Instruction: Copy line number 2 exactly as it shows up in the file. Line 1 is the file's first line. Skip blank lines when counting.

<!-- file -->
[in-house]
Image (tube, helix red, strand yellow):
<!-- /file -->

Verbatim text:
Image (tube, helix red, strand yellow):